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Code Review and the Theory of Probability

Not all developers are familiar with the theory of probability. One would think that it’s not a problem. Every man to his trade – there are no ingenious Jacks-of-all-trades. A good knowledge of the theory of probability is needed perhaps in game development, cryptography and, possibly, in different sorts of financial and statistical software. But in fact, lack of understanding of some things can lead to bad results even in projects that seemingly do not imply the application of such things. There is no magic, the human brain simply misweighs some probabilities and, as a result, makes wrong decisions.

So, let’s imagine some developer called John. He is writing a code, well, because he is a developer. Suppose, John is a good developer and 75% of the code is free of errors. In fact, I’m lying, and John is hardly a guru, but let’s assume anyway. To make it simple, let’s assume that in each 100 lines of his code 75 need no corrections, and 25 need error detection and correction. And we decide how to do it. As always, there are a lot of ideas: someone preaches comprehensive unit tests, someone argues for the QA team extension, others vouch for Code Review for every commit; perfectionists that ignore the budget and deadlines vote for all the above mentioned, self-assured “aces” and penny-father managers vote against all. As always. But some resolution is needed. And here comes an idea to assess the resources for and benefit from each activity. And now, let’s estimate the efficiency of, say, Code Review.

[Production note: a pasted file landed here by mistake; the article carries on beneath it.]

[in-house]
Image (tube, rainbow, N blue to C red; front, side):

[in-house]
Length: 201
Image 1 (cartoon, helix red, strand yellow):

Unsophisticated calculation may look as follows: John has written 100 lines of the code (he usually has around 75% of correct code and 25% of bugs). Make him spend the same amount of time on Code Review and we will get only half amount of bugs (12.5%). Well, doubled spending of resources should lead to half less bugs.

But yet – nothing of the sort! John is John. He wrote that code yesterday and if he performs his Code Review today, he won’t find anything.

OK, let’s assume further. If Pete (almost similarly qualified) reviews John’s code, he will reduce to half the number of bugs (down to 12.5%). Well, that’s because they have almost the same qualification, but still remain different people. Thus, this job consumes twice more resources; hence we have half of the bugs. Now, let’s look at what we have in reality.

The Theory of Probability has it that if a system consists of two devices with Х and У reliability, both devices must fail for it to malfunction. So, the total reliability makes 1 — (1-X)*(1-Y), i.e. for John and Pete “devices” with the same 75% reliability, the total reliability will make 93.75%! Look, the number of bugs has dropped not to 12.5%, but to 6.25%! So, spending the resources of a different person (even of the same qualification) for Code Review reduces the number of bugs not two times, but four times! Cool. Besides, considering that Code Review is usually performed by the best developers in the team (strictly speaking those with the reliability over “the average” 75%) who spend sufficiently less time on it than the author does on code writing, we get even more impressive results.

What was it all about?

Now, with better understanding of the possible result and investing some resources in Code Review it is it easier to decide on this or that mechanism for the code quality improvement. It is possible now to handle numbers and not the usual “everyone does it, so it’s right” against “to hell with it, there is no time anyway!” For a reasonable management an argument supported by figures will always weigh more than a simple beautiful wording.

A summary for those who are lazy to read the whole article

Application of Code Review (if you still fail to apply it) will bring more benefits than it seems at the beginning.

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